Hearing loss is something you want to keep your eye on, even when you’re fighting cancer

When you’re battling cancer, hearing loss might not seem like your most pressing concern. But even when you’re dealing with cancer, there are considerable reasons why the health of your hearing is important:

  • Tinnitus and balance problems can also be the result of chemo-induced hearing loss. So, now you’re thinking: wait, does chemotherapy lead to tinnitus too? Well, regrettably, the answer is yes. This tinnitus and loss of balance can be a problem, too. When you’re recovering from chemotherapy, the last thing you need is to take a fall.
  • Hearing loss can negatively affect your mental health, especially if that hearing loss is neglected. Anxiety and depression are closely connected to neglected hearing loss. Battling cancer can, similarly, increase depression and anxiety, so you don’t want to add more fuel to that fire.
  • Hearing loss has been known to lead to social isolation. Many different conditions can be aggravated by this. If you’re feeling isolated socially, it can become challenging to do everyday activities, especially getting appropriate treatment.

You’ll want to talk to your care team about reducing other health concerns while you’re fighting cancer.

What’s the solution?

You’re at the doctor’s constantly when you’re battling cancer. But don’t allow that to stop you from scheduling an appointment for a hearing exam.

Going to a hearing specialist will help you do several things:

  • Begin a relationship with a hearing professional. Your hearing specialist will have a more precise understanding of the state of your hearing and its needs, if you do have hearing loss.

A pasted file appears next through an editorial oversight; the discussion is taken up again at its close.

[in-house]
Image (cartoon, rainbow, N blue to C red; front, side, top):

• Establish a baseline for your hearing. This will make it significantly easier to detect hearing loss in the future.
  • It will be easier to get prompt treatment when you detect the signs or symptoms of hearing loss.

So if you develop hearing loss from chemo, can it be cured? No matter the cause, sensorineural hearing loss has no cure, sadly. But there are treatment options. Your hearing specialist will be able to help you treat and manage your hearing loss. You might need hearing aids or you may just need your hearing to be tracked.

It’s mostly frequencies in the higher range that go when your hearing loss is due to chemo. Your day-to-day hearing might not even really be effected.

Your hearing health is important

It’s essential to take care of your hearing health. Talk over any worries you may have about how chemotherapy may affect your hearing with your care team. You may not be able to alter your treatment options, but at least you’ll be able to closely track your symptoms and treat them appropriately.

Hearing loss can be induced by chemotherapy. But with the correct plan, and a little assistance from your hearing specialist, you’ll be able to find effective treatments that keep you hearing better longer.

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The site information is for educational and informational purposes only and does not constitute medical advice. To receive personalized advice or treatment, schedule an appointment.